Why? That is my question. Why did they have to take a perfectly good horror film and tack on an arbitrary twist at the end that negates everything that went before it. Why? Saw had so much promise all throughout, and, if done right, the ending could have tied it all together and really delivered a message, but instead, the ending essentially throws everything out the window in favor of tricking the audience. Sure, all of the self-contained plot elements might make sense, but the resolution completely ignores all logical character motivations. This is not to say that Saw isn't a disturbingly scary movie for most of its length, but, jeez, why?
The film opens in a disgusting bathroom that you can almost smell through the screen, where Adam (Leigh Whannell, who also wrote the screenplay) and Lawrence (Cary Elwes) wake up to find themselves chained at the foot on opposite sides of the room, and, oh, there's a dead man lying in between them. They quickly intuit that this is not good, and Lawrence, a doctor, conveniently has a good idea of who has captured them here, because he was once a suspect. It seems there is a serial killer on the loose, but this killer does not technically do any killing himself; he cleverly finds ways to allow his prey to kill themselves.
And so the killer has given Lawrence an ultimatum: kill Adam before six o'clock, or the doctor's wife and young daughter will be killed. The killer has left certain objects in strategic places for the two of them to discover and use as they will, including a jigsaw for each of them--not to cut off their chains, mind you, but rather their feet. Obviously both of them are freaked out. Along the way, we get some flashbacks involving Detectives Tapp (Danny Glover) and Sing (Ken Leung) in pursuit of the killer. And there we have the setup: will Lawrence and Adam find a way to escape to save the lives of loved ones, or will Lawrence give in and kill Adam first? After all, he's got all the tools he needs at his disposal. But, wait, why are they there in the first place? And who is this killer who has brought them here?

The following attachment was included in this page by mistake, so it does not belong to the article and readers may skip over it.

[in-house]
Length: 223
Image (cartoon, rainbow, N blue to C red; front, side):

A film like Saw is more frustrating than your average run-of-the-mill bad horror movie, which is not to say that this is a bad horror movie; in fact, it's quite good. A bad horror movie is preposterous from the first frame to the last, and believe me, there are more of these kinds of movies than the world needs. However, Saw gives us an entirely credible premise, and fills it with just enough elements to keep our heads from spinning off, but then takes a horrible wrong turn and the wheels come flying off, leaving some viewers to think it's a brilliant twist that brings everything together when really it's a cop out, and offers nothing deeper than a "gotcha!" moment.
Director James Wan has infused the film with a lot of style, using washed-out colors and quick edits to give it a gritty look and keep the suspense factor high. He also succeeds in using psychological suspense rather than monsters and one-off spooks. There are some truly terrifying moments where you know something bad is going to go down, but you don't know the what, when or who. All of the good points had me thinking that Saw would find a way to rise above the mediocre formulas of horror films, but the ending--oh, the ending!--still has me asking why, and not in a good way.
Note: All of this talk and I haven't even mentioned the blood, gore guts, and violence that is depicted in this film. It is ample, I will tell you that. Saw is not suitable for children, and there are plenty of adults who will want to avert their eyes at some points as well.
May 24, 2005